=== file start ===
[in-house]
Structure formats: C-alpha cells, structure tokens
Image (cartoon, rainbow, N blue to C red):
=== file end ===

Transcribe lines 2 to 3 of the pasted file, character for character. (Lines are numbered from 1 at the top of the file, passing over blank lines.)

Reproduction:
Structure formats: C-alpha cells, structure tokens
Image (cartoon, rainbow, N blue to C red):